Wednesday, November 17, 2010
It’s been a few weeks since I got back from the Salone del Gusto, but I’m just starting to go over all of my notes, photographs and videos. Yes, videos. I took my trusty Flip to the Salone and had a lot of fun filming all the action.
There was a tremendous amount to do and see at the Salone. There were thousands of vendors from all over Italy and the world. There was also an enoteca, dozens of restaurants and even a cocktail bar (you know I’ll be writing about that)
But the section of the Salone that I kept coming back to, every day, was the Street Food area. This was the first year they have featured street food at the Salone, and it was a huge success. They invited a dozen artisans to come and set up stands around an outdoor ‘piazza’, where visitors could buy things like Olive Ascolane (stuffed, fried olives), Alice Fritte (Fried Anchovies) and Bombolette (Grilled Pork).
The prices were cheap, and the portions huge. Naturally I wanted to try as many things as possible, but there was no way I could finish each portion. Since the Salone is all about sustainability and nothing going to waste, I didn’t want to just taste then throw it away. So, what did I do? I ended up trading. Yes, I just walked up to people and struck up a conversation. “Want this last olive ascolana? I’m not going to finish it.” Rather than look at me strangely, they gladly took it and then handed over a bit of whatever they were eating.
It’s hard to pick out what I liked the best. But high at the top of the list was Focaccia col Formaggio di Recco. I actually bought and ate the entire portions myself (not sharing!) three times. This is a unique type of focaccia made in a small town just outside of Genoa. According to tradition, it dates back to the time of the Crusades, in 1189. Today, as one of the best known dishes from Liguria, it’s recognized with a IGP (Indicazione Geografica Protetta) label.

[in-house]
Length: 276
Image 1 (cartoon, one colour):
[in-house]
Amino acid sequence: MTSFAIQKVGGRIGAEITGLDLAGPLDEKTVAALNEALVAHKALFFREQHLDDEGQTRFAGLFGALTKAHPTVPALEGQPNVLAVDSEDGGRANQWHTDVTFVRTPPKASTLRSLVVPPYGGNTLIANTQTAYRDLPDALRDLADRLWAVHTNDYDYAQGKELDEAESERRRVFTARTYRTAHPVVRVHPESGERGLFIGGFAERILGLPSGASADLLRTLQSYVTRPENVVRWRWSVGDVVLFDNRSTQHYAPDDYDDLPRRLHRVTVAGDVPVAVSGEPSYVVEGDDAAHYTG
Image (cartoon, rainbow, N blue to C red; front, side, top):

Like most street food, it’s beauty lies in its simplicity. The ingredients include flour (“OO”), water and olive oil for the dough. The dough is worked until elastic and left to rest a half hour. It is then rolled out by hand, to less than a millimeter thick. Then the dough is carefully placed on the cooking sheet, dotted with crescenza cheese, and then topped with another paper thin layer of dough.
The top layer is gently patted down, sealed at the edges, and perforated with small holes to let the air escape. After a drizzle of olive oil and a sprinkle of salt, it’s popped into the oven for about 5-6 minutes.
Ok, I can’t transmit via blog the incredible taste of the crackling thin layers of dough encasing the oozing, warm cheese. But I can at least show you the incredible skill it takes to make them.